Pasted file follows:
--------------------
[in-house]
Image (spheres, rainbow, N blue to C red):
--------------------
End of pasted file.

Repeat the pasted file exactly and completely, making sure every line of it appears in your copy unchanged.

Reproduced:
[in-house]
Image (spheres, rainbow, N blue to C red):